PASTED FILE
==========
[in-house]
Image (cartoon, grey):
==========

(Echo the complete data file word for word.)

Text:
[in-house]
Image (cartoon, grey):